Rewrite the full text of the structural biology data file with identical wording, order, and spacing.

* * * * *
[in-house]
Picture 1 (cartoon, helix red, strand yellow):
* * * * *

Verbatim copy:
[in-house]
Picture 1 (cartoon, helix red, strand yellow):